• Vooch

    Be Aware that very few of boobus Americanus actually cast votes. The vast majority of people who vote are gov’t employees & their kin.

  • bolwerk

    Half a billion of that 2012-13 change seems to be in general administration expenses, which went up 140% over ten years. Here’s 1991-2015 for overall OE, non-vehicle maintenance, and administration.

  • Larry Littlefield

    And much of the rest is in infrastructure maintenance. I explain in the first post what I think that is. It would be nice to find out for sure.

  • Larry Littlefield

    Generation Greed votes, and otherwise manipulates things.

    Generation Apathy and the Millennials generally do not.

  • Joe R.

    I’ve lived in this city for all of my 54 years, other than 5 semesters of college. Crossing against the light has pretty much always been normalized here. Ditto for crossing midblock. NYers regard these two things as virtual birthrights. Of course, I don’t condone either one if you don’t look first.

    As for crossing busy roads against the light, it’s a matter of picking your poison. Either play frogger crossing against the light, or dodge turning cars when the light is in your favor. At least it’s easier to see cross traffic, so I generally pick the former.

  • There is nothing wrong with the masses reaping benefits from the public treasury. That’s precisely how it is supposed to work; another name for this arrangement is “civilisation”. The public sector should rightfully be the provider of well-paying jobs for a huge portion of the population, people who devote their talents and skills to the operation of and the betterment of their City. We’d do well to have a vastly expanded public sector.

    Blame the rich for stealing tax revenue in the form of tax loopholes, and corporations for stealing from the public coffers in the form of tax breaks. The MTA would be fine if we could recover taxes from the thieving classes. (It would help also if ordinary people were willing to pay an appropriate level of tax, considering that the U.S. is one of the lowest-taxed countries in the Western world.)

  • Larry Littlefield

    “There is nothing wrong with the masses reaping benefits from the public treasury. That’s precisely how it is supposed to work.”

    The problem is when they steal it from the future, they are also stealing it from the masses. That is exactly what has happened. So have the rich stealing tax revenues. That’s the deal they all made.

    “Considering that the U.S. is one of the lowest-taxed countries in the Western world.”

    Taxes are going up, no doubt, and not just on the rich once Generation Greed has bankrupted us. But if that is a fair comparison, there is another attitude to take in the state with the highest state and local tax burden in the country. The problem is clearly different.

  • Brad Aaron

    Our ancestors began using their legs for mobility about four million years ago. Yet we must now cede the “right of way” to other humans in unnaturally fast, multi-ton climate-controlled machines, under penalty of serious injury or death. This we have normalized.

    Research shows that the brains of children can not process distance, speed and sound as quickly and accurately as adults can. Unfortunately for the species that makes our youngest members — stupidest, you might say — more prone to misjudging the relative position of their own bodies to that of said machines, which have existed for all of 100 years or so.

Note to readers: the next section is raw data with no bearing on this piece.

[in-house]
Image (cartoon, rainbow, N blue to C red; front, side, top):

But surely Streetsblog headlines are the issue.

  • HamTech87

    Many of those drivers are coming from the suburbs where Right Turn on Red is legal. I’ve seen it many times.

  • Kevin Love

    My high school history teacher had a saying: “The masses are asses.”

  • Kevin Love

    From the Post article:

    “I remind anyone who thinks that they can be cute and use one of these placards in an inappropriate way: You’re really running the risk of very big penalties and there will be consistent enforcement,” the mayor said

    I do not believe that he is dumb enough to actually believe this. Or that he is dumb enough to believe that people who actually live in NYC believe this. Which means he is deliberately lying to us. And relying upon his supporters having a sufficiently high skill level in Orwellian doublethink to believe him. Sigh…

  • sbauman

    Any program to improve subway service will take closer to 600 points, rather than the 6 points the MTA is proposing. One measure of the plan’s irrelevance is that the first point is whether the MTA chair and CEO should be one person or two. Talk about re-arranging the deck chairs on the Titanic.

    The second point notes that “Key parts of cars, including doors, heating and air condition[er]s, and master controllers, will be replaced “on a regular schedule before they fail.”

    When did the MTA revert from preventive to deferred/breakdown maintenance? Deferred/breakdown maintenance was what brought the system to near collapse in the 1970’s. Preventive maintenance was what what brought it back.

    Point 2 also noted: The MTA will “revamp” its car maintenance procedures by adding more inspectors and ensuring that all cars get a “pre-service inspection” to reduce the chance of failures while in service.

    Thanks to Jay Walder, the public can follow how well the 1 to 6 and L Lines perform. The real time data that is used for the count down displays can be downloaded. I tracked the performance for March and April of this year. I was astonished to discover that on a good day about 5% of the scheduled morning rush hour trains never left their first station. I would expect the new pre-service inspection will substantially raise this percentage. Fewer trains means more crowded trains.

    My interpretation was that this statistic was the result of an insufficient number of working trainsets. The reversion to deferred/breakdown maintenance and the lack of spare equipment confirms my suspicion.

    Point 6 states, “The MTA will more actively manage merge points within the subway system to help trains move more quickly through them.”